A study carried out at the University of Miami Miller School of Medicine for "The Miami Project to Cure Paralysis" has found that transplanting self-donated Schwann cells (SCs, the principal ensheathing cells of the nervous system) that are elongated so as to bridge scar tissue in the injured spinal cord, aids hind limb functional recovery in rats modeled with spinal cord injury.
The study will be published in a future issue of Cell Transplantation but is currently freely available on-line as an unedited early e-pub here.
"Injury to the spinal cord results in scar and cavity formation at the lesion site," explains study corresponding author Dr. Mary Bartlett Bunge of the University of Miami Miller School of Medicine. "Although numerous cell transplantation strategies have been developed to nullify the lesion environment, scar tissue - in basil lamina sheets - wall off the lesion to prevent further injury and, also, at the interface, scar tissue impedes axon regeneration into and out of the grafts, limiting functional recovery."
The researchers determined that the properties of a spinal cord/Schwann cell bridge interface enable regenerated and elongated brainstem axons to cross the bridge and potentially lead to an improvement in hind limb movement of rats with spinal cord injury.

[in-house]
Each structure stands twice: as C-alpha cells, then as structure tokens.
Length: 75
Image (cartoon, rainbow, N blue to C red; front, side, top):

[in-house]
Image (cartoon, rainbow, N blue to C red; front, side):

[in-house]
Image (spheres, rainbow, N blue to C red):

Electron microscopy revealed that axons, SCs, and astrocytes were enclosed together within tunnels bounded by continuous basal lamina. The expression of neuroglycan (NG2; a proteoglycan found on the membrane of cells) was associated with these tunnels. They subsequently determined that a "trio" of astrocyte processes, SCs and regenerating axons were "bundled" together within the tunnels of basal lamina.
"Elongation of astrocyte processes across transplant interfaces likely establishes three-dimensional structures that determine how regenerating axons become exposed to myriad growth-promoting and inhibitory cues," wrote the researchers. The researchers also noted that it was important to understand conditions that favor astrocytes to be permissive for axonal growth into lesion transplants.
"We demonstrated that the elongation of astrocyte processes into SC transplants, and the formation of NG2+ tunnels, enables brainstem axon regeneration and improvement in function," they concluded. "This study supports the clinical use of SCs for SCI repair and defines important characteristics of permissive spinal cord/graft interfaces."
"Developing the means to bridge the glial scar following chronic spinal cord injury is one of the major stumbling blocks of therapy" said Dr. John Sladek, Cell Transplantation section editor and professor of neurology and pediatrics at the University of Colorado School of Medicine. "This study provides important new insight into how this may be achieved".